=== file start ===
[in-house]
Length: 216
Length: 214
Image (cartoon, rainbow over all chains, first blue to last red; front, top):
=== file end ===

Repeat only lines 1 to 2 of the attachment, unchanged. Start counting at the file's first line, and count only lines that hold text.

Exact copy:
[in-house]
Length: 216